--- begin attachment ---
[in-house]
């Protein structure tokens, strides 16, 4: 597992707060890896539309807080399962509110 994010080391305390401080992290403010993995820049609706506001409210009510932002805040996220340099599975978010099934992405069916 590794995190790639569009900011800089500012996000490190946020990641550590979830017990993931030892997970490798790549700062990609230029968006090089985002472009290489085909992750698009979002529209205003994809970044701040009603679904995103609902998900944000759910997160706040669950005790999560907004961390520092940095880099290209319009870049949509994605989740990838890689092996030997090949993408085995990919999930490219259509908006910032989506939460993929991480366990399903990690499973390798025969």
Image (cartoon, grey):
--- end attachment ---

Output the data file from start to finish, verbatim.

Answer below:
[in-house]
């Protein structure tokens, strides 16, 4: 597992707060890896539309807080399962509110 994010080391305390401080992290403010993995820049609706506001409210009510932002805040996220340099599975978010099934992405069916 590794995190790639569009900011800089500012996000490190946020990641550590979830017990993931030892997970490798790549700062990609230029968006090089985002472009290489085909992750698009979002529209205003994809970044701040009603679904995103609902998900944000759910997160706040669950005790999560907004961390520092940095880099290209319009870049949509994605989740990838890689092996030997090949993408085995990919999930490219259509908006910032989506939460993929991480366990399903990690499973390798025969």
Image (cartoon, grey):